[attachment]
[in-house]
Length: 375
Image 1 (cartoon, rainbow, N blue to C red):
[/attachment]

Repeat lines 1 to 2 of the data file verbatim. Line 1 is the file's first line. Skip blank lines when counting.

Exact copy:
[in-house]
Length: 375